Mining for ESG data – the new gold of the financial information industry?

By Danae Quek

In recent years, the letters E, S and G have never been more popular. In the world of finance, environmental, social and governance (ESG) issues have risen to the top of the agenda with market participants across the spectrum discussing it in one way or another. Investors have become more socially conscious, choosing ESG over more traditional investments and with good reason given their performance in recent months.

The growth of ESG investing also brings with it various opportunities for all market participants, especially for data information providers who have the knowledge and information that the market requires.

According to a recent report by UBS, the ESG data services market could more than double to over $5 billion by 2025. Even assuming a worst-case scenario in which ESG performs poorly and the focus on ESG reporting falls, UBS anticipates the ESG information services TAM to only dip to $2.1 billion by 2021.

These results indicate that ESG data, research and analytics represent a meaningful opportunity for information services providers. There is also likely to be an increased focus on system reliance following the disruption caused by COVID-19, placing even more importance on the role of data and analytics in assessing the outlook for ESG, which should benefit information services providers further.

Financial data has long been the most valuable asset in the financial industry and with ESG continuing to increase in popularity and relevance, there exists a growing part of the data pool for financial information providers to tap into. The mining, refining and provision of relevant ESG data will go a long way in servicing the financial industry, helping companies define their strategies and their definitions of ESG, allowing investors to make informed investment decisions and potentially helping the industry as a whole take steps towards reaching a consensus on what constitutes as ESG.

As ESG continues to dominate headlines, it is clear that now is the time for financial information providers to work on increasing their profile in the market to make the most of the business opportunities this boom will create. They will need to look at the bigger picture, creating a strategic communications plan that incorporates their current view of the benefits of ESG data and also the future of ESG data – explaining why it is here to stay and what’s next. Most importantly, they must develop messaging with strict definitions of the E, S and G requirements they place on data, ensuring they follow these standards and are able to explain why they have chosen such definitions.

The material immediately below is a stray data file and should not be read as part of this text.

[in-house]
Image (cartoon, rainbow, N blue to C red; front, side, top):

These factors should all come together in a proactive approach to communications on ESG, using global events such as COP 2020 to raise awareness around the need for ESG data and highlighting their unique offering and approach to defining, refining and processing such data. Doing so will ensure that they stand out from the crowd of numerous data providers looking to capitalise on the popularity of ESG. They will be able to demonstrate that their focus on ESG data is done with the long-term future in mind and that this is more than a passing fad in investor behaviour – it is quickly becoming a mainstay of investing. At Aspectus we are experts in this proactive approach to communications. We help clients stand out from the crowd and position them as experts in the field of financial and ESG data, as well as in the broader socially responsible investing (SRI) and impact investing spaces.

As these three letters continue to dominate the investment press, it will be interesting to see market participants and financial data information providers in particular develop innovative and competitive ESG data offerings that evolve with the market and investor demand. ESG is most certainly here to stay and it will be fascinating to see how the industry reacts to these ongoing developments.

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